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Pathology Of Pregnancy



  1. There is a high rate of fetal loss in early pregnancy, and many early miscarriages are subclinical.
  2. Clinical miscarriage is usually the result of chromosomal abnormalities .
  3. The chorionic villi of the immature placenta may be oedematous (hydropic change), or the stroma may be fibrotic, which is an involutional change following fetal death. 
Hydatidiform Mole  


  1. Characterised by swollen chorionic villi and trophoblastic hyperplasia
  2. Associated with high hCG levels
  3. Partial mole: triploid karyotype; fetus may be present
  4. Complete mole: 46XX karyotype; no fetus
  5. May be complicated by choriocarcinoma
    1. Hydatidiform mole is a disorder of pregnancy affecting approximately 1 in 1000 pregnancies in the Western world and is much commoner in the Far East.
    2. It is characterised by swollen, oedematous chorionic villi, trophoblastic hyperplasia and the irregular distribution of villous trophoblast.
    3. Macroscopically, the placenta appears to be composed of multiple cystic, 'grape-like' structures. 
    4. A hydatidiform mole usually grows faster than a normal pregnancy, and the patient may present either with a 'large for dates' pregnant uterus, or with bleeding in early pregnancy.
A.    A. Partial mole


  1. The partial mole is triploid, and may not be diagnosed clinically but only identified histologically in miscarriage material.
  2. Most contain one maternal and two paternal haploid sets of chromosomes, with all three sex chromosome patterns possible (XXY, XXX and XYY).
  3. It must be remembered, however, that not all triploids are partial moles.
  4. A fetus may be present and only a proportion of the villi abnormal; the rest may be fibrotic or may simply be hydropic without trophoblastic hyperplasia.
  5. Stromal vessels are present.
B.     B. Complete mole


  1. The chromosomal constitution of the complete mole is androgenetic (i.e. of paternal origin), characteristically 46XX, and is probably due to the fertilisation of an 'empty' ovum by a spermatozoon carrying an X chromosome which is then reduplicated.
  2. Grossly, the placenta is obviously abnormal with swollen villi.
  3. Histologically, the oedema is confirmed; there is an absence of stromal vessels and circumferential trophoblastic hyperplasia affecting all villi.
  4. The constituent trophoblast may show varying degrees of cytological atypia.



The importance of correctly diagnosing hydatidiform mole is that, in a small number of cases, the disorder may be complicated by persistent trophoblastic disease.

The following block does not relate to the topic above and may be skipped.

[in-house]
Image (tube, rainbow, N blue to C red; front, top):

This term encompasses two main pathological entities with similar clinical manifestations, diagnosed by persistently elevated or rising urinary hCG levels following evacuation of molar tissue.

  1. Invasive mole; chorionic villi are present within the myometrium and myometrial vessels. The main complication is uterine perforation.
  2. Choriocarcinoma; this is a rare, malignant neoplasm of trophoblast with a propensity to systemic metastasis.
  3. Although there is usually a preceding history of hydatidiform mole, choriocarcinoma may follow a miscarriage or very rarely an apparently normal pregnancy. It is more common in the Far East and, without treatment, has a high mortality. A biphasic pattern of invading cyto- and syncytiotrophoblast is the characteristic appearance of this tumour.
  4. Cases of hydatidiform mole are monitored by estimation of the serum and urinary hCG. If the level rises, or does not fall, then the patient will receive chemotherapy irrespective of the precise pathological diagnosis.

Post-partum haemorrhage: 


There are three main causes of post-partum haemorrhage:

  1. Retained chorionic villi
  2. Infection
  3. Inadequate involution of placental bed vessels.
    1. Retained chorionic villi are unusual after normal pregnancy, but are more common following miscarriage or termination of pregnancy.
    2. Normally, after parturition, the myometrial segments of the uteroplacental spiral arteries are left behind, and rapidly undergo thrombosis to prevent torrential haemorrhage.
    3. Other involutionary changes then take place, and over the course of a few weeks the vessels resume their non-pregnant appearance.
    4. However, in a substantial number of cases of post-partum haemorrhage, the vessels are seen to be still distended and only partially thrombosed, so-called inadequate involution
      The control mechanisms of normal involution and the causes of its failure are unknown.
Ectopic Pregnancy
  1. Pregnancy outside uterine cavity
  2. Fallopian tube is commonest site
  3. Leads to pain and haemorrhage when it ruptures
  4. Pregnancy-associated changes in endometrium
    1. An ectopic pregnancy is the occurrence of pregnancy outside the uterine cavity; its incidence is increasing.
    2. Occasionally, there is evidence of a fallopian tube abnormality such as chronic inflammation. The apparently increasing incidence of ectopic pregnancy may be related to increasing tubal infection.
    3. In most cases, however, there is no obvious cause, and a functional defect in tubal transport is assumed.
    4. The presenting symptoms are due to the physical expansion of the developing pregnancy within the limited space of the tube.
    5. Thus pain, with or without rupture, and haemoperitoneum are the commonest presenting features.
    6. In most cases, the pregnancy and fetus per se are not abnormal, and the same physiological changes associated with implantation can be seen in the fallopian tube as are seen in the uterus.
    7. The finding of pregnancy-associated changes in the endometrium in the absence of trophoblast or a fetus should always alert the possibility of an ectopic pregnancy (Arias-Stella phenomenon).

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